For immediate release: October 13, 2009
Boston, MA — Stephen Lagakos, an international leader in biostatistics and AIDS research and professor of biostatistics at the Harvard School of Public Health (HSPH), died in an auto collision on Monday, October 12, 2009 in Peterborough, N.H. He was 63 years old. His wife, Regina, and his mother, Helen, were also killed in the daytime accident, along with the driver of the other car.
“Our School community is deeply saddened by this unexpected and tragic loss of Professor Steve Lagakos,” said Julio Frenk, HSPH Dean and T & G Angelopoulos Professor of Public Health and International Development. “Having joined our faculty more than three decades ago, Steve was a prominent and respected professor, cherished by those who had the benefit of working with him and learning from him. His seminal contributions to the field of AIDS research helped provide crucial statistical foundations upon which we could better combat this terrible disease. The complexity of the analyses required to understand HIV/AIDS and its treatment presented enormous statistical challenges, which Steve pursued tirelessly.”
Added Harvey Fineberg, former Dean of HSPH and current president of the Institute of Medicine: “Steve Lagakos was a versatile and talented biostatistician, a gifted teacher, and deft administrator. Steve’s leadership in AIDS clinical trials and longitudinal studies helped convert data into action — to prevent HIV transmission, improve treatment, and save lives. At the Institute of Medicine, Steve chaired a technically demanding study on methods to use in biomedical AIDS prevention trials. Steve made complicated problems seem simple, and in this IOM effort, he demonstrated his ability to clarify differences, develop consensus, and express cogent conclusions and policy recommendations. Steve was a successful leader and a delightful personality with a knack for finding something of value in the views of others, much as he could extract value from numerical data in a clinical trial.”
Lagakos joined the HSPH faculty in 1978 as an assistant professor, several years before the emergence of the AIDS epidemic on which he would later focus. He founded the Statistical Data Analysis Center, now part of the Center for Biostatistics in AIDS Research (CBAR), to analyze AIDS information for government and academic research. CBAR has been responsible for the design, monitoring, and analysis of most of the federally funded clinical trials of HIV in the U.S.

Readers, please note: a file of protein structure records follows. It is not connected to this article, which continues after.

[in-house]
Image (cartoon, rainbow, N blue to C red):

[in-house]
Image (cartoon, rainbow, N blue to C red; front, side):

Lagakos centered his efforts on several fronts in the fight against AIDS. He designed and analyzed research studies to investigate how and when HIV-infected women transmit the virus to their children — questions that have profound impacts on the type and lengths of treatment. In addition, he developed sophisticated methods to improve the accuracy of estimated HIV incidence rates. He also contributed to broadening access to antiretroviral drugs to people in developing countries.
“Steve educated several generations of biostatistics students, and his many postdoctoral fellows were devoted to him as a kind and compassionate teacher and mentor,” said David Hunter, Dean for Academic Affairs, in an email to the School community. “Steve was always generous with his time — both in statistical matters, and also as a citizen of Harvard, having served with good cheer and much wisdom on many committees and given sage advice to many.”
Lagakos was chair of the HSPH Department of Biostatistics from 1999 to 2006, during which time the department investigated infectious diseases, psychiatric statistics, environmental statistics and statistical genetics. Observed current Chair Victor De Gruttola in an email to HSPH community members: “Steve Lagakos played a central leadership role in our department, in the School, and among the international community of quantitative biomedical researchers. His loss and that of his wife Regina and mother Helen is a terrible one for all of us. Steve’s qualities of commitment, passion, intellectual brilliance, and personal generosity had a direct personal impact on our lives; and his contributions to biostatistics and to AIDS research were fundamental.”
Lagakos had served on the Scientific Advisory Committee of the American Foundation for AIDS Research and as a participant in a World Health Organization (WHO) consultation on neuropsychiatric aspects of HIV infection. From 1982 to 1987, he was co-director of WHO’s Collaborating Center for Cancer Biostatistics Evaluation. He worked on several committees and panels of the National Academy of Sciences. He also served as statistical consultant to the New England Journal of Medicine for more than a decade.
He was a member of the Institute of Medicine, the American Association for the Advancement of Science and the American Statistical Association.
He was awarded an honorary doctorate from the National and Kapodistrian University of Athens in 2006. He received the Spiegelman Gold Medal Award from the American Public Health Association in 1983, and a citation for outstanding teaching from HSPH in the years 1985 to 1988.
Lagakos earned a B.S. from Carnegie Mellon University and a Ph.D. from George Washington University.
A funeral for Lagakos, his wife Regina and mother Helen is scheduled for Saturday, Oct. 17, at 1:00 p.m. at the First Congregational Church and Society, 200 Main St., Rindge, NH (603.899.5722).
HSPH convened a gathering today, October 13, to remember Lagakos. The School extends its heartfelt condolences to the surviving members of Lagakos’s family.